It is actually made up of what are actually two villages, Kibworth Beauchamp and Kibworth Harcourt, which over the years have grown together.
The mediaeval St. Wilfrids Church is in Kibworth Beauchamp, but also serves Kibworth Harcourt. The church has a separate door for the parishioners of each village, but the use of this is no longer insisted on.
St. Wilfrid was one of the most prominent Anglo-Saxon Bishops, and is particularly associated with Hexham and Ripon. He was also for a time Bishop of York, but was prone to disputes with both ecclesiastical and secular authority, and was exiled on a number of occasions.
During one of his periods of exile, Wilfrid converted the South Saxons to Christianity, founding an early cathedral at Selsey, which was later transferred to Chichester. Another time he turned up as Bishop at Leicester.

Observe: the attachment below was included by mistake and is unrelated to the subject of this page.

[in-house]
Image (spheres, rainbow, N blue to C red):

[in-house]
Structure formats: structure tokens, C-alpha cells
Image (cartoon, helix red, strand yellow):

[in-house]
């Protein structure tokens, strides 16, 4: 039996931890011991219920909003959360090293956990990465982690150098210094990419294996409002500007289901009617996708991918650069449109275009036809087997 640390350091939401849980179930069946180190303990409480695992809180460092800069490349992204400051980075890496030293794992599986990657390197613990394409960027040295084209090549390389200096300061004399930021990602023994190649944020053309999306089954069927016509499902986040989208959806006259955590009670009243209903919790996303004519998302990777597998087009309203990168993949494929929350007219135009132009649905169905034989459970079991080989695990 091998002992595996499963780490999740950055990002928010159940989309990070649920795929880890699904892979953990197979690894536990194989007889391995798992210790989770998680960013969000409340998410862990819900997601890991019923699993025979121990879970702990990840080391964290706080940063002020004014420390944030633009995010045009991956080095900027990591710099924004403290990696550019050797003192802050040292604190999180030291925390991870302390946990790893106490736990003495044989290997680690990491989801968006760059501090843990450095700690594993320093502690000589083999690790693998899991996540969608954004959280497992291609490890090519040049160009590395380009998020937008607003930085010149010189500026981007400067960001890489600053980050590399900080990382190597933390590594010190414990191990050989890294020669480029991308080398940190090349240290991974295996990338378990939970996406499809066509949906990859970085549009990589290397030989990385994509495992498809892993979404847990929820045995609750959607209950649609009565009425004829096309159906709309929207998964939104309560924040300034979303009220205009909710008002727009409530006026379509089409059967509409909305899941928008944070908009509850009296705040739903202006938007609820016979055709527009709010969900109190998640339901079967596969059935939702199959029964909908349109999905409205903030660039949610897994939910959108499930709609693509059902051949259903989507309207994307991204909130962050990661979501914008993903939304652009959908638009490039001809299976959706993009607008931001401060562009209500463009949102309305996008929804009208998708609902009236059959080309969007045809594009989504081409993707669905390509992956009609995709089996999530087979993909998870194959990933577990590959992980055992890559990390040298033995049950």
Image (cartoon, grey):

Wilfrid was leader of the successful Roman party at the Synod of Whitby. His brilliant and highly theatrical crypts at Hexham and Ripon can still be visited.
There was, centuries ago, a church at Kibworth Harcourt. Unfortunately, the site of the church is not known definitely, and can only be guessed at.
Kibworth Harcourt has the academy where the Non-conformist preacher and hymnwriter Philip Doddridge taught, and a small mound which was the motte of a motte and bailey castle. The Jarrow Marchers paused here on their way to London.
There is also a windmill on the edge of the village.
The Congregational chapel has an important place in the history of modern tourism. Thomas Cook was walking past the chapel when he hit on the idea of hiring a train to take people from Leicester to Loughborough for a Temperance meeting. The rest is history.
Blue Badge Guide Colin Crosby is available to lead Guided Walks around Kibworth for groups.